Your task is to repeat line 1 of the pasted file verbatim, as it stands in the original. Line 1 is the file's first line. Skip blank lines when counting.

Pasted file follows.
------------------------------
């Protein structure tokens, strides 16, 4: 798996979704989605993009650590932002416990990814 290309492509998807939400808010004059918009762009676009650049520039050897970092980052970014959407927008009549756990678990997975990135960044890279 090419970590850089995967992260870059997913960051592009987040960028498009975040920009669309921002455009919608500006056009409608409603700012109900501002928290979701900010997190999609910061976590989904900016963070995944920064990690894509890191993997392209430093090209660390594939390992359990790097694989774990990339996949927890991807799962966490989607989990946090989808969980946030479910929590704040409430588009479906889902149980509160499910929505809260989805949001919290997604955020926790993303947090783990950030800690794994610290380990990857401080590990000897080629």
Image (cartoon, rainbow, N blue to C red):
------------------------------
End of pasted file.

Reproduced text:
């Protein structure tokens, strides 16, 4: 798996979704989605993009650590932002416990990814 290309492509998807939400808010004059918009762009676009650049520039050897970092980052970014959407927008009549756990678990997975990135960044890279 090419970590850089995967992260870059997913960051592009987040960028498009975040920009669309921002455009919608500006056009409608409603700012109900501002928290979701900010997190999609910061976590989904900016963070995944920064990690894509890191993997392209430093090209660390594939390992359990790097694989774990990339996949927890991807799962966490989607989990946090989808969980946030479910929590704040409430588009479906889902149980509160499910929505809260989805949001919290997604955020926790993303947090783990950030800690794994610290380990990857401080590990000897080629």